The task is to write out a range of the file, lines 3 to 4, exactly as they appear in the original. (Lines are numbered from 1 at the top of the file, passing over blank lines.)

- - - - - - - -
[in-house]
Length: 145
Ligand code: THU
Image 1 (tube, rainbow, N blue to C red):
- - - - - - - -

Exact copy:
Ligand code: THU
Image 1 (tube, rainbow, N blue to C red):